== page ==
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Dinner 2022


liuzhou
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10 hours ago, Tropicalsenior said:

This is a rabbit hole well worth falling down. This post by @Duvelpretty much explains It all. If you decide to make it, follow the directions to the letter. Method is everything.

 

8 hours ago, Duvel said:

 

There are also pictorials here and here, to illustrate the process and augment @Tropicalsenior's recipe link. 

 

Thank you both so much!  A worthy rabbithole indeed, and right up my street.  It looks kind of like a cross between meatloaf and liverwurst, which sounds like a grand evolution to me.

 

 

 

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1 minute ago, CookBot said:

 

 

Thank you both so much!  A worthy rabbithole indeed, and right up my street.  It looks kind of like a cross between meatloaf and liverwurst, which sounds like a grand evolution to me.

 

 

 


It is more like a loaf of bologna … there is no liver and no “livery” taste profile. Needless to say, it is still very good. In fact, there is a supermarket chain here that attracts customers by selling a 1€ Leberkäse rolls. Loooooong queues. I am unable to go there and not buy one … such as … ehhhm … today 🙄


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18 minutes ago, CookBot said:

cross between meatloaf and liverwurst

For me it is more like a glorified spam. Next time I make it I'm going to try half beef and half pork. The texture is totally different than meatloaf and that's why you have to follow the directions explicitly.

Edited by Tropicalsenior (log)
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9 hours ago, Dejah said:

We have both chuck and blade roast here on the prairies. I usually buy these when they are on sale - for stews.

 

Love one pot meals! Singapore Rice Noodles with Bell Peppers, Beansprouts, Shrimp, and Char Siu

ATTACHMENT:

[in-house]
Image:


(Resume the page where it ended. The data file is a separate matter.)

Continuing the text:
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Another one pot meal: Seafood Stew: Pickerel, Mussels, Clams, Shrimp, potato in Fire Roasted Tomato, Clam Juice.  I seared the scallops and plopped them on top after I dished the stew out.

 

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I should have clarified that we have no such thing as blade roast in my area. I didn't mean in all of Canada.

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51 minutes ago, MaryIsobel said:

I should have clarified that we have no such thing as blade roast in my area. I didn't mean in all of Canada.

There's also "cross rib." :)

“Who loves a garden, loves a greenhouse too.” - William Cowper, The Task, Book Three

 

"Not knowing the scope of your own ignorance is part of the human condition...The first rule of the Dunning-Kruger club is you don’t know you’re a member of the Dunning-Kruger club.” - psychologist David Dunning

 

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1 hour ago, Paul Bacino said:

@KennethT--  I found the lemon verbena in the place I buy my herb plants,  it is very productive as things cool down,  might have to look into the tea thing,  might also try to dry it as the season closes down